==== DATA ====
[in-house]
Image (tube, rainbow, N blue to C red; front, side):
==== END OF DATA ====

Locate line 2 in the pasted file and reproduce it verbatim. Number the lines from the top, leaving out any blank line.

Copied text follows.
Image (tube, rainbow, N blue to C red; front, side):